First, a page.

The modern spinning yoyo was invented in the late 1920’s by Filipino immigrant Pedro Flores, thus it is fitting that Spyderco’s Filipino balisong-inspired spinning pen is named the BaliYo. Both the yoyo and BaliYo take practice and patience to learn, but each can be a handful o’ fun. Really!
We all realize that it is a no-no to twirl a butterfly knife in public, but sometimes you just need to stretch the fingers and mind. While I’m not good with the stringed instrument, the BaliYo is a good choice for absentminded flippery when I am out of the homestead. The BaliYo has pocket clips and is supremely portable.
There is a caveat. A BaliYo is ultra light, so manipulating this machine takes some stick time. Although it is weighted on the ends of the handles, a BaliYo needs thoughtful inertia to complete its maneuvers. You must provide concentrated impetus.
As the BaliYo spent extended time in my hand, I was able to slowly replicate the modest roster of tricks I know. But more importantly, I can practice anywhere. I’m guilty of flipping while driving to and from work. While I would not recommend throwing aerials on the highway, there is something relaxing about the click, click, click while transiting.
A trip to Spyderco’s BaliYo website will lead you to a half-dozen instructional videos showing some entry level moves with the pen, in case you are new to the platform. You might also surf around YouTube for balisong videos. Many of the tricks done with the bi-handled knife can be done with a BaliYo.
BaliYo’s come in two species. Heavyweight USA-made ‘Yo’s are made of “advanced polymer” construction, have brass weights, and contain a premium Fisher Space Ink Cartridge. The lightweight BaliYo’s are built offshore, less robustly designed, and stoked with a refillable ink cartridge. Prices are $34.99 and $9.99, respectively. I found the more expensive one online for about twenty Tubmans.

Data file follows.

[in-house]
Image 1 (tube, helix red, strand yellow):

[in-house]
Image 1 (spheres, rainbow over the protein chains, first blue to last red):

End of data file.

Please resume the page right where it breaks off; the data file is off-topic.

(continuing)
I own both Spyderco versions. While the heavier BaliYo has better quality, its handles are a bit slippery. The premium BaliYo also has slightly more rounded handles than its cheaper cousin. I think the lighter one has a positive tactile feel and flips more smoothly for me. A little texturing with sandpaper on the USA model’s handles gave it a tackier touch, which improved it.
Either pen writes as advertised, with the Fisher cartridge possessing a nicer ride across the paper. Both eject blue ink, if that detail is important to you. At first, I was trying to write with the handles open. After twisting the pen tip out, you are supposed to scribble holding the BaliYo closed. Duh.
The American-made BaliYo comes in blue/green, red/black, and glow in the dark “white.” That luminescent one would be cool for nighttime spins and an example so happens to be en route to me right now. The standard BaliYo has black or grey options and substitutes steel weights for the brass ones.
I’ve seen some internet griping about the cheaper BaliYo’s durability, but this is just a plastic toy that gets subjected to quite a bit of centrifugal abuse when swung about. Tie two Mont Blancs together, swing vigorously, and see if they don’t occasionally lose pieces!
My work “briefcase” has MOLLE on the exterior. The BaliYo clips nicely into the loop field and looks interesting when surrounded by the ballistic nylon. Having a Spyderco BaliYo on hand at all times can equate to repetitive motion ecstasy or maybe an overdose of amusement! You have to get one.